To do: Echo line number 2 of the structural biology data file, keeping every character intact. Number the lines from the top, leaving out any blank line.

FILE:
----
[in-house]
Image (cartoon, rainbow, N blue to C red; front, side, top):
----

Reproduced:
Image (cartoon, rainbow, N blue to C red; front, side, top):